Ok, I’m confused.
The Mets looks like a competent, productive and fundamentally sound baseball team. A real-life major league team. But who are these guys? What happened?
Has the front office embarrassed the organization so much that the players took it upon themselves to decide that somebody had to act professionally around here?
Yes, they lost the second game of last night’s double dip, and there were a couple of flashbacks to their previous sloppy play (note to Mets: do not, I repeat, do not try to steal home), but for the most part, the on-the-field, Three Stooges-like follies have ended (at least for now) and have been replaced by a team that is doing everything right.
The Mets have won five out of their last six, and if it’s a matter of too little too late, at least the Mets are worth watching again (not that I ever stopped watching—we just can’t help ourselves, can we?).
Nobody's falling down. Nobody’s pants have fallen off. Nobody's been arrested. Nobody's shot himself. Nobody’s been outed for steroid use. Nobody on the team has been blamed for Michael Jackson’s death (yet).
Off the field, the team has been a circus, but on the field, it’s been an amazing week for the Amazin’s. Each aspect of the team is firing on all cylinders—offense, defense, starting pitching and the bullpen.
You have no chance to win if you don’t have consistently solid starting pitching, and the Mets had that this week.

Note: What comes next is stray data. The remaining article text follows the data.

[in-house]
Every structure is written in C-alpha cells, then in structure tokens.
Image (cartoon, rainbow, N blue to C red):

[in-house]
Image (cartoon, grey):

In the last six games, the whole staff gave up only 13 runs. They combined for two shutouts in a row, with Johan Santana and Mike Pelfrey giving back-to-back outstanding efforts. Livan Hernandez recovered from allowing three runs in the first inning against Houston to win his game. Jon Niese had one great start and one that gave his team a chance to win.
Which only leaves Oliver Perez. The expectations are now so low for him, that if he lasts more than three innings and the Mets win the game, his start is a success.
The only runs given up by the bullpen in the last six games came when Frankie Rodriguez coughed up a two-run homer in a blowout and Brian Stokes let an inherited runner score last night (every time Stokes has a good outing, he sticks another pin in the Billy Wagner voodoo doll he keeps in his locker).
With that kind of quality pitching, you have a chance to win every day.
The offense has come out of nowhere and exploded for 38 runs in their last six games. Where have they been hiding? Watching Angel Berroa play major league baseball has made me long for the Wilson Valdez era, but even he drove in a couple of runs yesterday.
The team has hit six long balls in the last six games, which may not be much for any other team, but for the Mets it’s like they turned into the ‘27 Yankees.
The biggest shot was, of course, Fernando Tatis‘ grand slam.
Jeff Francoeur drove in 10 runs this past week, Angel Pagan and Luis Castillo set the table, and even David Wright hit a homer, along with getting a few hits in almost every game.
The whole team’s approach at the plate has changed. They’re moving runners over and taking each at-bat according to the situation at hand—just like a real team would.
On defense, they’re making all the plays they’re supposed to make. They only made one error in their last six games. They’re hitting the cutoff man, and turning double plays left and right.
Daniel Murphy looks fantastic at first. He’s always looking to get the lead runner, and he keeps piling up the highlight-reel plays. First base looks like his natural position, which is a far cry from his laughable days patrolling left field.
Climbing over seven teams in the Wild Card race is a tough task, but the Mets have a somewhat easy schedule coming up, so they need to take advantage of it. Will last night’s loss lead to a downhill slide? Or is that just a blip on the radar screen with more solid, winning play to continue?
Were these just imposters the last six games?
We’ll know the answer when they take on the lowly Arizona Diamondbacks this weekend.